LIVING IN THE GREAT DUMPSITE

In front of Pugu Hills lie the leftovers of Dar es Salaam. At first it looks like mountains of grey soil, but on closer sight it becomes clear that it is layer after layer of waste that has found its final destination – Pugu Kinyamwezi dumpsite.
Dar es Salaam produces around 4,260 tonnes of waste every day and 30 to 50 per cent of it arrives here by trucks that are operated by private companies under the city’s municipalities. Already outside the entrance to the dumpsite the air is full of flies. There is a smell that instils a sour sensation, like the taste of bottled water that has been left in the sun for too long. The trucks can be seen from far away as clouds of dust that closes in on the dumpsite and suddenly materialises as a lorry loaded with bags of waste. On top of the waste a couple of men grip tightly to the lorry’s metal frame as it makes a sharp turn to the left. The truck has to speed excessively in order to pass through the loose sand that covers the passage into the dumpsite. It reaches its final spot and unloads the waste onto the ground. It enters into chaos and sour, acid-like air.


Instantly the trash shifts hands. Here it enters into a whole new economy. On the many layers of waste people walk around in hectic activity to collect plastic bottles, wrap plastic, glass or any material that can be sold for profit. On one of the waste hills a couple of women sit in front of a small pile of charcoal which they have found among the waste. They pick the bigger pieces of charcoal and put them aside in a bag.
Mohamed is 45 years old and has been picking and selling waste for ten years. His green shirt is almost brown and the dust from the trash covers his face and gets into his eyes. He picks plastic bottles and soft plastic and sells it to a middleman at the dumpsite who then sells it onward to companies. For one kilo of plastic he earns Sh100. He does not do it out of choice, but because he does not know what else he should do.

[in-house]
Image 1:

“I come here every day. If I can’t come here, there will be no other thing I can do. I will have to sell karanga, juice or cigarettes in the street,” he says.
Behind him a woman rises up from the collection of charcoal and asks with frustration in her voice “Politics talk, but what is their answer to us?” she asks and continues to sort a bag halfway full of plastic and glass bottles.


Trash to rest
At the dumpsite all recycling are done by informal waste pickers as there are no official recycling activities. Dar es Salaam City Council manages the dump where around 100 to 150 trucks arrive with trash from the city every day. The manager of the dumpsite Richard Kishere estimates that the amounts of waste vary from 950 to 2,000 tonnes per day, and especially during the rainy season when the roads are slippery his team can find it difficult to handle the pressure of waste.
“On Tuesday last week two of the municipalities were delivering on the same day and the road was so busy. The people who push the waste around using excavators almost didn’t have time to eat their lunch,” he says.
He walks next to the hills of waste and watches as trucks pass over the sand to the hill where they offload their burdens to the waste pickers that are waiting. Their work is important to him.
“I need them very much because they are the people who are doing their work. There should be a better environment here for them to do their things,” Mr Richard says.
The waste that is not picked and packed by informal collectors will stay on the waste hills. Pugu dump is its final stop. The food waste and paper decompose within weeks; however, it will take from ten to 20 years before the plastic bags that make up a big part of the layers of trash are transformed into soil.


Human rights